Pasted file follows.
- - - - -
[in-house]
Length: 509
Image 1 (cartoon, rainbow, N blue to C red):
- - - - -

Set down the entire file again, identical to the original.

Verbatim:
[in-house]
Length: 509
Image 1 (cartoon, rainbow, N blue to C red):